He claims a right to insult anyone or anything with impunity—whether it is women like Rosie O’Donnell, or war heroes like John McCain and Humayun Khan, or institutions like our “so-called” judges, or generals (he knows more than all of them), or NATO or the U.N., or scientists bringing off the “hoax” of climate change. It is tragically easy to think a man so petty he cannot be a deadly threat. But his is a monstrous pettiness, one of many anomalous combinations he pulls off—joining flashiness and furtiveness, from a man constantly on display yet hiding key dealings. He is a reticent blabbermouth. How to tally up the lies, to pick apart all the conflicts, to curb with the letter of the law a moral blindness on this scale? The truth is gradually dawning that there is no parallel to this thing we have lodged in our sacred Oval Office. He is that rarest of things, a true nonpareil.
Where will it end? The different legal procedures being explored—indictment, impeachment, mental disqualification—run up against his popular support. He has only a third of the country behind him, but its members have heavily invested their pride in his untouchability. They are a fierce and focused third of the country, against a diffuse and distracted two-thirds. Perhaps the only way an unparalleled menace can be countered is with an unparalleled and massive wave of moral revulsion. More people are growing ashamed of what we have done.
What did we expect when we let a man of dicey business dealings enter the White House without revealing his tax returns? How could we? People who have crawled to him are feeling the sickness of shame. Many do not want to work for him. He has a government of empty offices. Formerly reputable Republicans are wearying of the strange defenses they have felt bound to invent for him. Marches against him must increase in size and frequency. More people must resign from office on principle. More people must explain why they refused his offers of government positions. He degrades women. He degrades races and religions. He degrades us. The nation needs purification. May it come before it is too late.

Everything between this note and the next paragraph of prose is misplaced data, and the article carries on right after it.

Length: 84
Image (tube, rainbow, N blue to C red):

Aleksandr Solzhenitsyn posed such a threat to the Soviet Politburo that it exiled him after the publication of “The Gulag Archipelago,” but for twenty years the West was also a reluctant audience for his uncompromising views. Now, having completed his historical opus, the author is going home, to seek a role in the new Russia.
Neri Oxman, head of the Mediated Matter research group; Cellist Yo-Yo Ma, curator of the MIT Solve Arts and Culture Mentorship Prize; and MSNBC anchor Stephanie Ruhle speak at the 2017 Concordia Annual Summit in New York City on September 18, 2017.
This is a riveting essay about the wild land, wild animals and wild sky. Ms William’s point is that the wild does not belong in our world anymore, cause, well, we just don’t want it too -it doesn’t fit into our consumer-led way of seeing the world. Wonderfully inventive perspectives draw down our mighty problem and show it to us up close.
This essay was was published in Esquire magazine in 1989 and was chosen for inclusion to the 1990 Best American Essays. The essay is included in her book “Ill Nature” published in 2001.
Biography from Key West Literary Seminar:
11 FEB 1944
Joy Williams is an American author. She has produced numerous short stories and essays, and four novels. Her debut novel, State of Grace (1973), was nominated for a National Book Award for Fiction. The Quick and the Dead (2000) was a finalist for the Pulitzer Prize for Fiction. Her other two novels include The Changeling (1978) and Breaking and Entering (1988). Her essay collection, Ill Nature: Rants and Reflections on Humanity and Other Animals, was a finalist for the National Book Critics Circle Award for Criticism. Williams has also won the Rea Award for Short Story, the Harold and Mildred Strauss Living Award from the American Academy of Arts and Letters, and other prizes.
Born in Chelmsford, Massachusetts, Williams is the daughter of a minister who preached at a Congregational church in Portland. She received a BA from Marietta College and an MFA from the University of Iowa. Williams has taught creative writing at the University of Houston, the University of Florida, the University of Iowa, and the University of Arizona. She was also the writer-in-residence at the University of Wyoming in 2008-2009.
Williams met her first husband, Fred McCormack, when she was at the Iowa Writers’ Workshop. They had one daughter, Caitlin. They divorced, and she married Rust Hills, fiction editor at Esquire. He adopted Caitlin and they remained married until his death in 2008. Williams has homes in Tucson and Florida, but divides her time among these homes and her daughter’s homes, and traveling on the road.